This is the part of a series of live dispatches from our Write On For Israel students during their trip to Israel. Write On For Israel is a leadership training program for high school students. You can find out more about the program here, and follow us on Facebook and Instagram for live updates throughout the trip and here for the daily roundups.
On Shabbat morning in Jerusalem, students had the opportunity to begin the Holy morning in their own fashion. With the option to choose one of five minyanim (or enjoying Shabbat individually) in close proximity to the hotel, students were able to explore a variety of religious practices, exiting their comfort zone and gaining exposure to a more complete Judaism. The minyanim, ranging from traditional Modern Orthodox to Reform to an Italian synagogue, offered students a true breadth of opportunities to explore the diversity of the Jewish faith.
Following a spiritual morning, students returned to the hotel for a special lunch and prepared for an optional guided walking tour of Jerusalem led by Dr. Tuvia Book. With stops at the King David Hotel, Jerusalem YMCA and the quiet Jerusalem neighborhood, students not only saw neighborhood landmarks but quickly appreciated Jerusalem and Israel from a religious point-of-view, with streets free of cars and hushed on Shabbat afternoon. The walk was described as a “true highlight of the trip” and “the kind of educational, yet decompressing activity that we needed as the usually fast-paced trip winds down.”
After a rest, students gathered in the lobby for Seudah shlishit, a light snack of pita, hummus, cold cuts and tea, before concluding Shabbat with a Havdalah service outside the hotel. The service opened with a Dvar Torah from student Ezra Seplowitz and then other students joined together to usher in the new week.
With Shabbat concluded, the cohort headed out to a book shop in East Jerusalem, where we heard from a practiced English-speaking Palestinian for an open forum to discuss and share opposing views. Prior to the event, it was emphasized that it is necessary to maintain a level-head in dealing with oppositional perspectives. “If you raise your voice, you’ve already lost,” said program coordinator Linda Scherzer prior to disembarking the bus, echoing the sentiments of the previous day from StandWithUs’ Charlotte Korchek.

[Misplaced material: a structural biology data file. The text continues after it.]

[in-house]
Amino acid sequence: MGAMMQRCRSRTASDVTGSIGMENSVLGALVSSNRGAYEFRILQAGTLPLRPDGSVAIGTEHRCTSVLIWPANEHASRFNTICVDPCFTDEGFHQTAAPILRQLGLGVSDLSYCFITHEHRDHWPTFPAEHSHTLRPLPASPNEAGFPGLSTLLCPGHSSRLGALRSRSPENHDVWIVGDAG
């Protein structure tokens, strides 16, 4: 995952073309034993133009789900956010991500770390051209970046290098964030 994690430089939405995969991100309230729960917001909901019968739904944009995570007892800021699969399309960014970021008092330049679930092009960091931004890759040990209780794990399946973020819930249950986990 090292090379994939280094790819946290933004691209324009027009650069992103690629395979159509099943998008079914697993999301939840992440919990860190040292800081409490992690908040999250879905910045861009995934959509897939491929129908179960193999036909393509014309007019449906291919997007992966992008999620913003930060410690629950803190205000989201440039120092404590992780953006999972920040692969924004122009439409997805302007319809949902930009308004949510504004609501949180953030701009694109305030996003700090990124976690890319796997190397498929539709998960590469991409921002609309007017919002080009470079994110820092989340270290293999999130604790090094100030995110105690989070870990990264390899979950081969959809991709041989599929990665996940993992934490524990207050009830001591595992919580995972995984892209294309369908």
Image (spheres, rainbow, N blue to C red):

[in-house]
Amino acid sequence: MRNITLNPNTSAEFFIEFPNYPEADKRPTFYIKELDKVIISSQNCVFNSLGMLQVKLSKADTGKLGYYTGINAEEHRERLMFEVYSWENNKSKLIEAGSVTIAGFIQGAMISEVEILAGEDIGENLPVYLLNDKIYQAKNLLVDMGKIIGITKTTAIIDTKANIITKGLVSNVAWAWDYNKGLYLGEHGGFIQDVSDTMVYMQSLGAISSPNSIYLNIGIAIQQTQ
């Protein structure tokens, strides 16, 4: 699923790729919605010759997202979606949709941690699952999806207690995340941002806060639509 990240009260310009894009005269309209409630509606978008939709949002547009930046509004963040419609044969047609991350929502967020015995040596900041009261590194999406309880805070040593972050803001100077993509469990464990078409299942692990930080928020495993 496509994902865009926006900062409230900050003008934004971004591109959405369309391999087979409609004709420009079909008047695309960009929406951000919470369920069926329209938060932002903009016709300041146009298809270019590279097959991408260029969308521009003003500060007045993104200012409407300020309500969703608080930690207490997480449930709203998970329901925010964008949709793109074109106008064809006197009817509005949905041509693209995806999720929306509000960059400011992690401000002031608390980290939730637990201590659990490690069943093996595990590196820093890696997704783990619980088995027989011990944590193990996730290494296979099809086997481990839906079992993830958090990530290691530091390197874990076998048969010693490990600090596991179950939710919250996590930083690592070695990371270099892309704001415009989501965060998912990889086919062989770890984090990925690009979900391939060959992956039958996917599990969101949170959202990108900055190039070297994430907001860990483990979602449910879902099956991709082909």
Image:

To start the discussion, the speaker depicted the Palestinian means of resistance—encompassing both those peaceful and violent, terror efforts—as being components of a national struggle. While he did not condone the activities of Hamas and other terror-attackers, the speaker stressed that all means of resistance against Israel are, in his view, valid and warranted. Interestingly, the speaker acknowledged that he has in fact abandoned hope for a viable two-state solution. Instead, he believes efforts should be focused on obtaining full incorporation of Palestinians into Israeli society with full autonomy and equal rights—something which he believes is not presently in place for Palestinians. When asked what specific solution he would suggest for diplomats to pursue to conclude the continuos reigns of terror, he, in paraphrase, recognized that should Israel concede and acquiesce to all Palestinian demands, the terror would cease.
After poignant and thought-provoking back-and-forths with the speaker, the cohort reboarded the bus speaking intensely with one another about the dialogue presented earlier, developing strategic responses to select claims, debating the legitimacy of Palestinian/Israeli claims to the land and engaging in more intellectual responses to the discussion.
The speaker requested anonymity in order to ensure that he would be able to speak openly and freely throughout the discussion.
The cohort ended the night by grabbing dinner at Tachana Rishona, The First Station, where students enjoyed live music and delicious shawarma, pizza and more.
Overall, the day was an incredible Shabbat spent in Jerusalem. Stay tuned tomorrow for the final update of the Write On For Israel 2020 trip.